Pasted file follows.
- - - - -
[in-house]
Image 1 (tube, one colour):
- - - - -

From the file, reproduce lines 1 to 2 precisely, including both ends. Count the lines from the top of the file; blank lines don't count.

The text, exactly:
[in-house]
Image 1 (tube, one colour):